The higher the market goes, the riskier it is to have assets in the stock market. But the fact of the matter is, with bond yields low and the bond proxy sectors like utilities and real estate investment trusts (REITS) set to underperform, the choices are limited. There is an investment vehicle that may offer investors a way to stay in equities, get paid solid dividends and have the potential for outperforming total return.
A new research report from Merrill Lynch’s outstanding technical research analyst Stephen Suttmeier points outs some very interesting performance facts on the 10 highest yielding stocks that make up the Dogs of the Dow.
- The average yield for this year’s 2017 Dogs of the Dow is 3.56%. That figure is over a half percentage point or 50 basis points higher than the 30-year U.S. Treasury Bond.
- The Dogs of the Dow beat the S&P 500 soundly in 2016 with a total return of 20.5%, versus the venerable index’s 12%. Total return is the increase in share prices plus the dividend yield added together.
- All 10 stocks that made up the 2016 Dogs of the Dow had positive returns in 2016. Eight of those stocks in the group also beat the S&P 500.
- The Dow Jones High Yield Select 10 Total Return Index (MUTR), which is a proxy for the Dog of the Dow, has had an average annual total return of 9.2% going back to 2001. That compares with the S&P 500 total return figure for that same time period of 7.2%.
Despite the outstanding returns of the Dogs of the Dow both collectively and individually last year, there are only two changes to the portfolio. A big reason for that of course is that the stocks are the highest yielding in the Dow Jones Industrial Average.
We recently did an in-depth look at the stocks that make up this year’s Dogs of the Dow, carefully examining each of the stocks that are in the portfolio.
Suttmeier is a technical research analyst at Merrill Lynch, so his work is concentrated on the technicals, which included trading volume, stock movement on a positive and negative basis, and overall chart activity. His work notes that most of the companies in the Dogs of the Dow are anywhere from so-so to very positive. He does point out that both Coca-Cola Co. (NYSE: KO) and Merck & Co. Inc. (NYSE: MRK) are somewhat weaker technically than the other constituents.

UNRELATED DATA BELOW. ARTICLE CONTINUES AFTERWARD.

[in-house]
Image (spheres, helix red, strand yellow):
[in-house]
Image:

The good thing for investors, especially those with more conservative accounts, is this portfolio is chock full of large cap companies that have been around for years. The risk factor is far lower, and it is important to remember that these stocks are in the portfolio because they are the highest yielding in the 30 Dow components. Relative to their peers in the index, they should be lower priced.
One good way for investors to own the Dogs of the Dow may be the ELEMENTS Dog of the Dow High Yield Select 10 Total Return Exchange Traded Note (NYSE: DOD). This is an ETN option that provides investors a pure play to the 10 highest dividend-yielding securities in Dow Jones Industrial Average in equal proportions, but will not pay the dividends. It closely replicates the Dow Jones High Yield Select 10 Total Return Index and charges 75 basis points, three-quarters of 1%, in annual fees. Buying all 10 stocks at a brokerage firm, even it’s a discount firm, would be very expensive, so this clearly makes the most sense.
To own the actual stocks in the Dogs of the Dow, investors should consider a unit trust, which will own the stocks for a calendar year and then reset the portfolio every year as changes are made. Investors are charged once a year. Top companies like Invesco and First Trust offer these every year, and they can be purchased through full service or discount brokers.
While there is no guarantee the Dogs of the Dow will outperform again, it is a great way for investors to own top high-quality stocks, receive dividends and have less volatility than other investment avenues.